Planet Fitness is the gym of choice for 25% of gym goers in the US.
It might be easier to book a bike at your local SoulCycle now.
Specialty fitness studios have seen a significant slowdown in growth this year, according to new data from location intelligence company Foursquare, signaling the possibility that $40 boutique fitness classes could be poised to fall out of favor.
It wouldn't be the first time Americans have shifted their exercise preferences in recent years. (Hello, Jazzercise!) One in five high-end yoga and pilates studios closed down between 2015 and 2016, Foursquare found.
Some specialty fitness studios, which represent only 3% of the overall fitness market and can cost up to $40 a class, may soon suffer a similar fate. While the number of cycling studios in the US doubled over the past two years, visits per location saw a 30% decline during the same time frame, according to Foursquare.
There is one fitness company that has seen consistent growth over the past few years, however.
Planet Fitness — the notoriously cheap national fitness chain that entices members with free pizza and tootsie rolls — is now the destination of choice for 25% of gym goers in the US. That's up 8% from the same time last year.
With a basic membership fee of $10 a month, the budget-friendly gym has twice as many members as luxury gyms, which represent 11% of the overall fitness market.
Even the most expensive Planet Fitness membership, which costs $19.99 a month and includes unlimited access to massage chairs and other perks, adds up to less per year than the $290 monthly fee for an all-access membership to luxury gym Equinox. And it pales in comparison to the $24,000 annual bill to join Centuryon, a chain of lavish fitness centers in Asia.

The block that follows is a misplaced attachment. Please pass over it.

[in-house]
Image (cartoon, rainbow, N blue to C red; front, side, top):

Regardless of the price paid, getting fit may lead to additional financial benefits, as Business Insider's Kevin Loria reported.
Americans who get at least 150 minutes a week of moderate to vigorous exercise save an average of $2,500 a year on medical costs, Loria reported. That's according to a study published in the Journal of the American Heart Association, which analyzed health records for over 26,000 Americans.
That means exercising five days a week for 30 minutes could be worth about $10 per workout, in terms of savings on medical care. Moderate exercise was defined as activities that cause "light sweating," such as fast walking, while vigorous exercise includes running or swimming laps, enough to cause "heavy sweating."
As Loria pointed out, joining a gym isn't a requirement to work out. But an increasing number of Americans are choosing a $10-a-month gym membership over $40 a class.